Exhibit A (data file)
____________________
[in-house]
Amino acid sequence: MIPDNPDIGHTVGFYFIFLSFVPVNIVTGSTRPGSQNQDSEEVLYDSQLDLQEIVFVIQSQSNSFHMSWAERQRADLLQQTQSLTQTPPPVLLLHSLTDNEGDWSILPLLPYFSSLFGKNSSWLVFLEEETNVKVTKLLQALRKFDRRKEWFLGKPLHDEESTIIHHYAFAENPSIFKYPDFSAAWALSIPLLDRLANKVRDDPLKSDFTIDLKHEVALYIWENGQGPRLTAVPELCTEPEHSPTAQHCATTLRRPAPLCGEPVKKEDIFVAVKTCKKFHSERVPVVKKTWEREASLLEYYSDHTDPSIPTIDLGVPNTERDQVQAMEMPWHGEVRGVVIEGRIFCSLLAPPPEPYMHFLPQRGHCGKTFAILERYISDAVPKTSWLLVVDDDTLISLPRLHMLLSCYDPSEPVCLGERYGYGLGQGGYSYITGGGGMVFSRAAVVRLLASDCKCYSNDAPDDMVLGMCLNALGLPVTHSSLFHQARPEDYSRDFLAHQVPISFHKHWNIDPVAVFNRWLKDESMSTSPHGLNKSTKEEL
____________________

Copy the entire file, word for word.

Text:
[in-house]
Amino acid sequence: MIPDNPDIGHTVGFYFIFLSFVPVNIVTGSTRPGSQNQDSEEVLYDSQLDLQEIVFVIQSQSNSFHMSWAERQRADLLQQTQSLTQTPPPVLLLHSLTDNEGDWSILPLLPYFSSLFGKNSSWLVFLEEETNVKVTKLLQALRKFDRRKEWFLGKPLHDEESTIIHHYAFAENPSIFKYPDFSAAWALSIPLLDRLANKVRDDPLKSDFTIDLKHEVALYIWENGQGPRLTAVPELCTEPEHSPTAQHCATTLRRPAPLCGEPVKKEDIFVAVKTCKKFHSERVPVVKKTWEREASLLEYYSDHTDPSIPTIDLGVPNTERDQVQAMEMPWHGEVRGVVIEGRIFCSLLAPPPEPYMHFLPQRGHCGKTFAILERYISDAVPKTSWLLVVDDDTLISLPRLHMLLSCYDPSEPVCLGERYGYGLGQGGYSYITGGGGMVFSRAAVVRLLASDCKCYSNDAPDDMVLGMCLNALGLPVTHSSLFHQARPEDYSRDFLAHQVPISFHKHWNIDPVAVFNRWLKDESMSTSPHGLNKSTKEEL